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A00675 Summary:

COSPNSRZebrowski, Colton, Richardson, Fitzpatrick, Eichenstein, Kim, Englebright, Frontus, Fahy, Rosenthal D, Solages, Buchwald, D'Urso, Gottfried, LiPetri, Morinello, Rosenthal L, Weprin, Peoples-Stokes, Seawright, Reyes, Norris, Walczyk, Blankenbush, Galef, Lupardo, Reilly, Wallace, Cruz, Lentol, Mosley, Woerner, Sayegh, McDonald, Thiele, DeStefano, Buttenschon, Arroyo, Simon, Jaffee, Dickens, Cook, Quart, Santabarbara, Montesano, Ashby, Smith, Lawrence, Finch, Darling, Fernandez
MLTSPNSRByrnes, Ramos
Amd §§399-p & 399-pp, Gen Bus L
Limits robocalls to state residents and requires telephone service providers to offer free call mitigation technology to telephone customers.
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A00675 Memo:

submitted in accordance with Assembly Rule III, Sec 1(f)
BILL NUMBER: A675D               REVISED 06/12/19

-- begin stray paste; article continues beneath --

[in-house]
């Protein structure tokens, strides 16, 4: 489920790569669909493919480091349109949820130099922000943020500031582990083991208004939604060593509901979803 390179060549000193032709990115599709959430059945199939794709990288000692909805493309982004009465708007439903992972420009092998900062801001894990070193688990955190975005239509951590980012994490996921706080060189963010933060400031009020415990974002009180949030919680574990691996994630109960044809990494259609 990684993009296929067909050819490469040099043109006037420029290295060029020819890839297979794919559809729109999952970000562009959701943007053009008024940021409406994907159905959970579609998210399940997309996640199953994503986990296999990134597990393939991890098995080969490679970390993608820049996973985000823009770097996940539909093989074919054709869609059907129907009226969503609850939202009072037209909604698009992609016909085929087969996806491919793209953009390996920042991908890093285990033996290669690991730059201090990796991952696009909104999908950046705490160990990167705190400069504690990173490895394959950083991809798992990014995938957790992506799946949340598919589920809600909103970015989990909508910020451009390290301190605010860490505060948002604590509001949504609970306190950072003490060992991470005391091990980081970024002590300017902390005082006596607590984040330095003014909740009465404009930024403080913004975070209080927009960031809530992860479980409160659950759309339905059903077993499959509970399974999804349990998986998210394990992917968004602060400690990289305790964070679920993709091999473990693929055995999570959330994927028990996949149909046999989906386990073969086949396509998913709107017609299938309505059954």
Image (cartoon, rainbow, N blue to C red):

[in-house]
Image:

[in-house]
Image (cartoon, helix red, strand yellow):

TITLE OF BILL: An act to amend the general business law, in relation to limiting robocalls to state residents and to require telephone service providers to offer free call mitigation technology to telephone customers   SUMMARY OF PROVISIONS: Section 1 of the bill establishes that the act shall be known and cited as the "Robocall Prevention Act." Section 2 of the bill amends Section 399-p of the General Business Law by renaming it "Use of automatic dialing devices and placement of robo- calls and consumer telephone calls", and makes the following changes to such section: Subdivision 1: changes the term "automatic dialing-announcing device" to "automatic dialing device" and amends its definition, and adds defi- nitions for the terms "robocall", "call mitigation technology", "prior express consent", "telephone service provider", "labor organization", and "department". Subdivision 2: prohibits making robocalls or placing consumer telephone calls except in accordance with the provisions of Section 399-P GBL. New Subdivision 2-a: provides that it is only lawful for a person to make a robocall when it is made for emergency purposes, made with the prior express consent of the called party, made by a labor organization to its own members or their households, or otherwise authorized by the Department of State in limited circumstances. A customer can revoke his or her "prior express consent" at any time in any reasonable manner. This subdivision also authorizes the Department of State, in consulta- tion with the Department of Public Service, to permit robocalls to be made to residential telephone lines without prior express consent if they are not made for a commercial purpose. Subdivisions 3: makes conforming changes to existing law. Subdivision 4: makes conforming changes to existing law. New Subdivision 4-a: prohibits any person making a robocall from know- ingly causing a caller ID service to transmit misleading, inaccurate, or false caller ID information with the intent to defraud, cause harm, or wrongfully obtain anything of value. New Subdivision 4-b: requires that a telephone service provider operat- ing in the state must make call mitigation technology available to any customer, upon request, at no additional charge. The Department of State, in consultation with the Department of Public Service, would be required to promulgate regulations to implement the requirements of this subdivision, and would be authorized to allow a reasonable delay for requiring implementation of call mitigation technology for good cause. The Department would also be authorized to allow for the requirements of this subdivision to be waived for network facilities where such technol- ogy cannot feasibly be implemented due to technological limitations. This subdivision is intended to require the implementation of call miti- gation technology where feasible, and is not intended to require the implementation of such technology where it cannot reasonably be imple- mented, such as for copper telephone lines. Subdivision 5: makes conforming changes to existing law. Subdivision 6: left unchanged. Subdivision 6-a: makes conforming changes to existing law. Subdivision 7: makes conforming changes to existing law. Subdivision 8: allows the NYS Attorney General to enforce subdivisions 2, 3, 4, 4-a, 5, 6, and 6-a of Section 399-p, and provides penalties for violations of those subdivisions. Subdivision 9: allows any person harmed by a violation of subdivision 2, 3, 4, 4-a, or 5 of Section 399-p to bring an action in court to enjoin such violation and recover damages, and increases the minimum amount of such damages available. Subdivision 10: requires the Department of State, in consultation with the Department of Public Service, to report on issues relating to robo- calls and the implementation of call mitigation technology. Section 3 of the bill amends paragraph b of subdivision 11 of Section 399-pp of the GBL to increase the penalties for violating the prohibi- tion in subdivision 7-a of that section on knowingly transmitting misleading, inaccurate, or false caller ID information. Section 4 of the bill is a severability clause. Section 5 of the bill establishes the effective date.   JUSTIFICATION: According to YouMail, a company that tracks robocalls and offers a call blocking application, over 47.8 billion robocalls were placed nationwide in 2018. Continuing the trend, 25 billion robocalls have been placed in the first five months of 2019. Unwanted robocalls have also dispropor- tionately targeted New Yorkers, as New York City ranked 3 in the country in February 2019 with over 162 million robocalls received, and Buffalo ranked 19 with almost 50 million robocalls received. New Yorkers have received over 1.5 billion robocalls so far in 2019. Increasingly lax oversight and the proliferation of new technology have led to the rise in robocalls. Under the Federal Telephone Consumer Protection Act, almost all non-emergency auto-dialed calls to mobile phones are illegal, but the exemptions are beginning to swallow the rules as businesses regularly successfully petition the Federal Communi- cations Commission for exemptions to any restrictions. Furthermore, land-lines have very limited protections, disproportionately impacting the elderly. Technologically, the advent of Voice-over-Internet-Protocol (VOIP) dialing has allowed companies to discharge millions of calls for pennies and spoofing, or the ability to fake a telephone number, makes consumers even more vulnerable to unwanted calls and scams. This tech- nology has undermined the effectiveness of the federal government's Do Not Call Registry, which long protected Americans from telemarketers. This bill provides New Yorkers with strong protections against illegal robocalls by requiring their prior express consent to receive such calls (which can be revoked at any time), prohibiting fraudulent spoofing activity, and authorizing strong enforcement action against those making these illegal calls. The bill also requires telephone service providers to provide consumers with technology that can identify and block likely unwanted calls. This technology is currently offered by several providers. The FCC recently ruled that providers may block unwanted robocalls by default, and has repeatedly urged providers to implement call authentication technology to identify likely spoofed calls, and to offer call blocking technology to consumers. Although some providers do offer call mitigation technology for free, others charge for its services, or haven't made it widely available or easy to use, especially for VoIP landline phones. This bill would require that this technology be made available free of charge, to any consumer who requests it. Robocalls are more than a nuisance. They undermine both privacy and safety, use up low-income consumer's limited minutes and subject consum- ers to harassing and intrusive telemarketing and debt collection tactics. With this bill, consumers will regain control and no longer have to suffer through a daily barrage of unwanted calls.   LEGISLATIVE HISTORY: 2018: A.10739 (Niou) - Referred to Corporations, Authorities and Commis- sions   EFFECTIVE DATE: This act shall take effect on the ninetieth day after it shall have become a law. Effective immediately, the addition, amendment and/or repeal of any rule or regulation necessary for the implementation of this act on its effective date are authorized and directed to be made and completed on or before such effective date.